National Sawdust Log Journal


for SEED TRIANGULAR, Robbie Lee & Mary Halvorson

The Wire - “squalling, rumbustious”

New York Times - “a versatile musician with a passion for exhuming old American instruments”

New York Times - “Ms. Halvorson plays a vintage Gibson instrument — the resonance of which makes for an evocative pairing with Mr. Lee’s eight-key Baroque flute”

AllMusic - “…at once provocative and remarkably welcoming. Fans of improvised music will no doubt find much to delight them, but those fascinated by experimental sounds, strange Americana, diverse tonalities, and acoustic music should also be edified.”

Downbeat - “a private sense of transcendentalism”

PopMatters - “Seed Triangular remains fascinating, blending odd tonalities, neo-Renaissance fare, and complex playing.”

Dusted - “This music stands at least as much for the elegance of its construction as it does for the freakiness of the instruments used to make it.”

Downtown Music Gallery

New York Music Daily - “over-the-top microtonal sax drama”

New Sounds (video, John Schaefer interview)

Nate Chinen (WBGO) - “the album comes rooted in willful discovery”


Tiny Mix Tapes - “With a resume more attuned to pop and avant oddities, it’s mind-expanding how tapped into timeless rock Lee is throughout DCME… When you come to it, be it now or in 20 years, you’ll wonder how the world went so long without hearing it.”

Dusted Magazine

Record Collector - “A key factor in its success is that Lee clearly has songwriting chops to spare”

Talkhouse (Brian Chase) - “The lyrics and orchestration are super clever while maintaining a heavy indie/DIY vibe.”

The Wire

for OPALESCENCE with Norbert Rodenkirchen and James Ilgenfritz

The Wire - “a striking and creative contribution to the literature of improvised music”

Avant Music News - “a wide-ranging multi-instrumentalist known for improvisational experimental rock.. What unites all three is a fluency in improvisation and a sensitivity to the places their voices take within a unique system of instrumental differences… Altogether, a fine set of music.”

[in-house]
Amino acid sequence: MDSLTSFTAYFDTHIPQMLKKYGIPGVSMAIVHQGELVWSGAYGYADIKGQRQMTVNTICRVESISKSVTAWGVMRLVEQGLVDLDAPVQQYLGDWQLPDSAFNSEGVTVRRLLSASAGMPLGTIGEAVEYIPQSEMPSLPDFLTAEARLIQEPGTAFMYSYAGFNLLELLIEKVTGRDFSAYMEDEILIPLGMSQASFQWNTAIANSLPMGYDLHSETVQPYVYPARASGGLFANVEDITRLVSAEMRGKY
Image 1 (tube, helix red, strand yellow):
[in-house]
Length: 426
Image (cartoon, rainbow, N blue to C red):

Dusted - “Lines tangle only to twist into perfectly formed knots, and gnarled passages give way to simple, elegant denouements… Ultimately this music stands on its own, stark and rich and utterly compelling.”

Touching Extremes

Downtown Music Gallery - “a trio of ghost/spirits who are in between the ancient and modern worlds”


for Heresy Of The Free Spirit (with Jozef Van Wissem and Che Chen)

with Che Chen

Chicago Reader - “from gentle explorations of woodwind and string textures to savagely psychedelic blowouts”

Dusted - “there are passages where it sounds like some Hungarian goat herder from the 1760s is playing with some turtlenecked freaks in a 1960s NYC art loft via a time portal held open by vibrantly fluttering magnetic tape.  There’s really nothing else around that sounds like this stuff”

The Hum - “A recorded moment which stands as a testament to the fact that there is as much visionary, groundbreaking, and exciting music being made today as any era before”

Paste Magazine - for Ezra Feinberg’s “Kernel & Shell”

Riverfront Times - for “Sleep, Memory”: “characteristic of the dreamworld he's painted here: You don't quite know what it all means, but it's a place to which you immediately want to return.”

AllMusic - for The Howling Hex:

Impose Magazine - for Seaven Teares

Solo performance at Wels Festival, Austria -  “Lee investigated wisely the timbres of the flutes in the acoustically-shaped building,  sketching delicate overtones and microtonal ideas coupled with the buzzing sounds electronics boxes, somehow sounding like twisted Indian ragas.”

Pitchfork - for Cass McCombs (“Best New Music”): “…a breathy bass clarinet takes over for the back half, its unique low tones planting many new memories of its own.”